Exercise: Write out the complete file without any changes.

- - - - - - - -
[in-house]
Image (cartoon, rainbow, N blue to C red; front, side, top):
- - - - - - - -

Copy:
[in-house]
Image (cartoon, rainbow, N blue to C red; front, side, top):